x Abu Dhabi, UAEFriday 21 July 2017

Ras Al Khaimah corniche set for transformation

RAK's director of tourism says the priority is 'catering for the local community', although the emirate also has ambitious tourism plans, starting with its 64-kilometre coastline.

How the development will look.
How the development will look. "It's to make it an attraction for the locals," says RAK's director of tourism, Khalid Motik. Courtesy RAK Tourist Authority
RAS AL KHAIMAH // The corniche in Ras Al Khaimah is to be transformed in the next 18 months into a modern downtown complex.
The development will include shops, a souq, a play area and a coffee shop.
"It's to make it an attraction for the locals," said Khalid Motik, RAK's director of tourism. "They only have one park and we need to add more things for the locals as well as the tourists. We have four malls but we need diversity for people to do different things."
The priority, he says, is "catering for the local community in RAK", although the emirate also has ambitious tourism plans, starting with its 64-kilometre coastline.
Residents, however, would like infrastructure to be improved first. "They are talking too much," said Umm Nasser, 27. "If they want to do something, first they should fix the roads. They are just talking and they will not do anything, believe me. They talked for two years about a women's beach and do you see one?" she asked.
The development has been discussed since 2008.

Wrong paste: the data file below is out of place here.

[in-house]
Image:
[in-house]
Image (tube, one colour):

Umm Nasser said she would like to see stricter enforcement of speed limits on the Qawassim Corniche road. The corniche is popular not only with families but also young people cruising in their cars.
She said a family park should include more activities and amenities, such as playgrounds for different age groups.
"This corniche, right now it's not a place for my children because the boys are playing with their cars," said Umm Nasser. "What do we have here? If you want to see cars you can come here. If boys want to see girls they come here. If girls want to see boys they come here."
Authorities want to raise tourism from 3 per cent of the economy in 2012 to between 10 and 15 per cent by 2017. The tourism authority has a target of 1.2 million tourists this year.
By the end of the year there will be five new hotels, including the Rixos and the Waldorf Astoria, with an extra 2,000 rooms.
There is an effort to train Emiratis for jobs in tourism. "The Emiratis know about the country better than anyone else," said Mr Motik.
Saif Ali, 31, an Emirati office worker, said direct work in tourism would be attractive only if it offered salaries comparable to those of government jobs in other emirates. "People care about the salary, not only the job title," said Mr Ali. "So people want to work in Abu Dhabi."
He welcomed the expansion of the Qawassim Corniche park, which overlooks the creek and mangroves. It is one of the emirate's two public parks and is popular with families.
"Before we had nothing here, only this gravel but now they've made the corniche very beautiful," said Mr Ali, who visits the corniche weekly. "I want a hotel there for the tourists. It would be good."
He would like to see restoration projects so tourists could better understand the emirate's history. "Tourists need old buildings," he said. "They don't need new buildings. They have new buildings in other places."
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